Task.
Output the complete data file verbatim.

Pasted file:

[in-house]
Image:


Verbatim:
[in-house]
Image: